LII.Gododin! in respect of thee will I demand [154a]The dales beyond the ridge of Drum Essyd; [154b]The slave, [154c] greedy of wealth, cannot control himself;By the counsel of thy son, [154d] let thy valour shine forth.The place appointed for the conferenceWas not mean, [154e] in front of Llanveithin; [154f]From twilight to twilight he revelled; [154g]Splendid and full was the purple of the pilgrim; [154h]He killed the defenceless, [154i] the delight of the bulwark of toil, [154j]His inseparable companion, whose voice was like that of Aneurin. [155a]LIII.Together arise the foremost fighting warriors, [155b]And in a body march to Cattraeth, with noise and eager speed;The effects [155c] of the mead in the hall, and of the beverage of wine.Blades were scattered between the two armiesBy an illustrious knight, in front of Gododin.Furze was set on fire by the ardent spirit, the bull of battle. [155d]LIV.Together arise the expert warriors,And the stranger, [155e] the man with the crimson robe, pursue;The encampment is broken down by the gorgeous pilgrim, [156a]Where the young deer were in full melody. [156b]Amongst the spears of Brych [156c] thou couldst see no rods; [156d]With the base the worthy can have no concord; [156e]Morial [156f] in pursuit will not countenance their dishonourable deeds,With his steel blade ready for the effusion of blood.LV.Together arise the associated [156g] warriors,Strangers to the country, their deeds shall be proclaimed;There was slaughtering with axes and blades, [157a]And there was raising large cairns over the heroes of toil.LVI.The experienced [157b] warriors met together,And all with one accord sallied forth; [157c]Short were their lives, long is the grief of those who loved them;Seven times their number of Lloegrians had they slain;After the conflict their wives [157d] raised a scream; [157e]And many a mother has the tear on her eyelash.LVII.No hall was ever made so faultless;Nor was there a lion so generous, a majestic lion on the path, so kind [158a]As Cynon of the gentle breast, the most comely lord.The fame [158b] of the city extends to the remotest parts;It was the staying [158c] shelter of the army, the benefit of flowing melody. [158d]Of those whom I have seen, or shall hereafter seeOn earth, engaged in arms, the battle cry, and war, [159a] the most heroic was he,Who slew the mounted ravagers with the keenest blade;Like rushes did they fall before his hand.O son of Clydno, [159b] of lasting [159c] fame! I will sing to theeA song of praise, without beginning, [159d] without end.LVIII.After the feast of wine and the banquet of mead,Enriched with the first fruits of slaughter,The mother of Spoliation, [159e]Was the energetic Eidol; [159f]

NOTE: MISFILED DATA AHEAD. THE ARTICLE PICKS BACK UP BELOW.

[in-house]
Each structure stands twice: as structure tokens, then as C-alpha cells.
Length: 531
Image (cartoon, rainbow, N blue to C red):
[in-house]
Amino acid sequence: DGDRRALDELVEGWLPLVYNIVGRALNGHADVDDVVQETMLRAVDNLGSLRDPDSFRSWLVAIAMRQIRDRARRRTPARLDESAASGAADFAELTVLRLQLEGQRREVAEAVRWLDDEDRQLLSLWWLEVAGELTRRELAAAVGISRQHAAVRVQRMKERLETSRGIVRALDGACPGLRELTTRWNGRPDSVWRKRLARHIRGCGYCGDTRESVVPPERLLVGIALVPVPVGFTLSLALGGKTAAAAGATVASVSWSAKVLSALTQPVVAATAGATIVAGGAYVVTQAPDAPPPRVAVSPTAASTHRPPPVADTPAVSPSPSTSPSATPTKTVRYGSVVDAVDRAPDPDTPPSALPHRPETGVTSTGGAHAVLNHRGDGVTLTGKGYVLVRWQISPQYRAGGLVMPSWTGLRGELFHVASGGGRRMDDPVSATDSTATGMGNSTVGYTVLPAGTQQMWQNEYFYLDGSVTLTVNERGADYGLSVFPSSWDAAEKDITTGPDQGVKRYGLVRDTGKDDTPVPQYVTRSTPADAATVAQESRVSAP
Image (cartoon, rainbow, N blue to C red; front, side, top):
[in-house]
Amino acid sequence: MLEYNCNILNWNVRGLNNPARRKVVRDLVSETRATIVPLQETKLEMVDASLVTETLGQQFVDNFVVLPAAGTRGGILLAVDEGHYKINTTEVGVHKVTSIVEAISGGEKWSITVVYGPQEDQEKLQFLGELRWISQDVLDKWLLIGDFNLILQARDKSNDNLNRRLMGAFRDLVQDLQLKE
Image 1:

He honoured the mount of the van, [160a]In the presence of Victory.The hovering ravens,Ascend in the sky; [160b]The foremost spearmen around him thicken, [160c]Like a crop of green barley, [160d]Without the semblance of a retreat.